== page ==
RACHEL MARTIN, HOST:
This week, the show Invisibilia is exploring how the words you don't say can shape a relationship. And, a warning, this story does have descriptions of violence that might not be suitable for all listeners. Here's NPR's Yowei Shaw.
YOWEI SHAW, BYLINE: It was the kind of problem you see in a movie. Ching Chung Wang, who goes by CC, was visiting his mom when, out of the blue, the guy renting a room from CC's mom started boasting about how he was an assassin. This was in Taiwan in the 1970s, and the man told CC he'd worked for the government years earlier killing Communist agents on mainland China with a thin wire rope.
Did he actually show you how to do it?
CC: Somebody walking in front of you, you just go like this.
SHAW: CC holds up his fists, raises them over an invisible head.
CC: Pull it back, and then turn it around then you just carry him all the way, doesn't matter how much the guy was struggling. I start to worry he was in the secret police.
SHAW: But how do you tell your mom you think she's got a murderer living under her roof? Maybe you don't.
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SHAW: To explain, let's go back to the beginning. For as long as he could remember, CC had been trying to please his mom, Frances Tsao. She was the kind of mom who played hard to get. Take the time CC was in junior high and came home to find his mom kneeling. She told him, I'm praying to confess my sins for not raising good sons.
CC: I was devastated for days. You know, I couldn't recover from this shock.
SHAW: But CC went on to check all the boxes he thought his mom wanted him to check. He moved to the U.S., became a prestigious scientist and every month sent money home.
CC: What a good son I should be, from her point of view.
SHAW: After CC's dad died in 1975, his mom, Frances, put an ad in the paper looking for someone to rent the extra room in the apartment. And she settled on a tall, middle-aged bachelor. His name was Mr. Zhu. He was polite, helped CC's mom with cooking and cleaning.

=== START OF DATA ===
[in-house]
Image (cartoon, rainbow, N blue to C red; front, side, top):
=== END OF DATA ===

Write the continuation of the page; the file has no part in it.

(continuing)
CC: It was very nice that they get along very well.
SHAW: But gradually CC started to notice...
CC: He seemed to be very acquainted with all my mother's friends and their relatives.
SHAW: And Mr. Zhu knew all sorts of things that CC had told his mom in letters and phone calls.
CC: I have a distinctive feeling that he was looking into my mother's communications.
SHAW: And as the years passed, a strange thought began to crawl into CC's mind that this innocuous, middle-aged busybody might actually be a spy.
CC: Yes. Yes.
SHAW: Taiwan in the 1970s was crawling with spies and government informants. To make matters worse, CC's younger brother had gotten in trouble with the government a few years earlier. So CC worried the government might have a reason to send a spy to watch the family. If that was true, CC couldn't exactly report Mr. Zhu to the government. So he decided to keep a close eye on Mr. Zhu. But on his next trip to Taiwan, the scene was less scary spy movie and more odd-couple rom com.
How much more time was he spending with your mom, and what would they do together?
SHAW: In the morning, Frances would read the paper, practiced calligraphy at the table, while Mr. Zhu was in the kitchen cooking her special breakfast.
CC: Something very spicy, very salty and not very fatty.